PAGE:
True Blood Season 2 Spoilers: Alan Ball Interview

June 14, 2009 had the opportunity to participate in a conference call with Alan Ball along with several other websites to speak with him regarding season 2 of True Blood and what we can expect to see.  So sit back and enjoy this wonderful interview with the amazing Alan Ball and don’t forget True Blood Season 2 returns Sunday, June 14, 2009 at 9PM/ET on HBO.  We are all so excited for the return of this fangtastic show!

Alan: Hi Everybody.

All: Hi!

Tracy from Fancast:  Hi Alan.  Thanks for doing this.

Alan:  Absolutely!

Tracy from Fancast:  You mentioned in another interview that this season was just going to be more of everything. The show is already incredibly sexy and gory.  So what can you tell us about what MORE we can look forward to, there’s already a lot.

Alan:  Believe it or not, the show is sexier and gorier.  I think it’s also funnier and I think it’s also deeper.  I feel that the show is finding it’s identity and settling into itself in a way that’s very organic.  It definitely feels to me as if things are ramping up for season 2.

Tracy from Fancast:  For those that haven’t read the books, last season the story plot was a serial killer and this season a mysterious creature.  Is each chapter of the season going to be a different mystery?

Alan:  We are basing show on a book and serial of a very, very successful minor novel by Charlaine Harris.  And there is an element of mystery in each book.  But it’s more than just that.  That’s just part of the mix. There’s also an up story, there’s also horror, there’s also some stuff that’s funny.  I wouldn’t say that each season revolves around a mystery because, for example, the first season, we the audience did not know who the serial killer was.  We were trying to figure it out at the same time Sookie was trying to figure it out.  In this season, as the show progresses, we know that there is a character who’s really up to no good and who is dangerous, long before any of the other characters in the show know it.  It’s a little bit of a split in that regard.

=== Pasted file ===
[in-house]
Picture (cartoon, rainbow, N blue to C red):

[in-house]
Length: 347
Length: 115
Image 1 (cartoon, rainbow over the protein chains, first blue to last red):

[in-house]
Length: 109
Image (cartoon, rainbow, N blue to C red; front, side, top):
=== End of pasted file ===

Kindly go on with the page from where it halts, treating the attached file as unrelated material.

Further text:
Tracy from Fancast:  Thank you!

Noel from StarPulse:  I was wondering if you could tell us how you feel about Anna and Stephen’s real life romance and how that affects filming and what’s going on there?

Alan:  They are such consummate professionals, both of them, that it doesn’t affect filming whatsoever.  It only affects filming in the sense that they are incredibly comfortable with each other and their feelings translates to the screen. And I’m very happy with both of them.  They are both terrific people and they’ve really found somebody that they want to be with.  There’s nothing negative about it.